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  • (Instrumental) Narratives of Postcolonial RememoryIntersectionality and Multidirectional Memory
  • Marta-Laura Cenedese (bio)

Writing in the Italian newspaper Il manifesto in 2008, scholar Alessandro Portelli said that the growing publication of literary works by Afro-Italian writers “is the most exciting new development of recent times.” In particular, Portelli pointed out that these works are providing a new understanding of “the very idea of what it means to be Italian . . . these books and these tales are us. . . . Not an Other with whom we have to confront ourselves, but an ‘us’ in which to reflect ourselves” (Portelli 2008, quoted in Triulzi 2012: 109). Although the first scholarly works on the topic date from the 1970s,1 Italy has only recently turned its attention to its colonial past; after decades of neglect, “to the relief and excitement of many scholars,” it can be said to have entered its postcolonial phase (Ponzanesi 2016: 145). Indeed, for a long time, Italian colonialism has been a forgotten, or aphasic,2 chapter of Italian history, despite the fact that, between 1890 and 1943, Italy was an [End Page 95] empire that included the colonies of Eritrea, Ethiopia, Somalia (named AOI, Africa Orientale Italiana), and Libya (Ponzanesi 2004: 105). However, in the last couple of decades, postcolonial literature in Italian3 has overturned this silence. This growing production is emblematic of how literature can rememory4 (colonial) history, of how fictional narratives can help to shape our engagement with the past, and of how they contribute to our understanding of the present and our “sense of the possible” (Meretoja 2018: 2). I consider rememory here not only as imaginatively recollecting the past (in the present), but also as nurturing a dialogic process of collective decolonization (Suero Elliott 2000: 183). While they renarrate Italy’s colonial history, these works are also pushing forward the re-elaboration of Italy’s collective memory, redefining Italian identity, urging a different apprehension of present-day politics, and therefore opening the space for imagining what the future (of Italy) may look like.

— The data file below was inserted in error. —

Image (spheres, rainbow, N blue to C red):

In this article, I argue that these works of literature are instrumental in challenging assumed cultural paradigms, thus joining an increasing tendency in contemporary narrative fiction to reflect “on the ways in which identities are built on the basis of cultural narrative models and practices of narrating the past from national, transnational, and global perspectives.”5 To illustrate and support my argument, I will analyze two recent Italian novels: Gabriella Ghermandi’s Regina di fiori e di perle (2007; Queen of Flowers and Pearls, 2015) and Igiaba Scego’s Adua (2015; Adua, 2017). My analysis is rooted in several concepts of memory, such as postmemory, palimpsestic memory, and multidirectional memory. These concepts help to single out the nuances of these novels’ rememories and point to their gesturing against competitive histories. Furthermore, by introducing intersectionality as a supplemental method of analysis, I show how these novels capture the multiple connected factors that are relevant to understanding contemporary social and cultural realities.

By recasting the history of Italy and its colonies through individual life stories, these two novels stage the intertwining of grands récits (grand narratives) and petits récits (personal narratives) (Lyotard 1984), and thus emphasize the significance of narratives both for identity-making and individual agency, and for collective memory. In “writing back” against the dominant narrative,6 these authors are able to create [End Page 96] history from absences and to supplement the canonical archive with a new one that attempts to overcome the erasure of subaltern knowledge. Next to writing rememories, these novels inject into the literary panorama new strategies of representation that seek to dismantle, or else to make visible, what has been conceptualized as the past’s haunting— that is, “how the past remains simultaneously hidden and present in both material practices and the psyche, in both visible and invisible places” (Cvektovich 2003: 38). Thus, they provide the context to understand the legacy of colonialism in contemporary racism while addressing, on a deeper level, contemporary Italian identity politics. Ultimately, in this article I claim that Italian postcolonial literature is instrumental in opening the “colonial archive” to the wider Italian civil society; in showing how the postcolonial...


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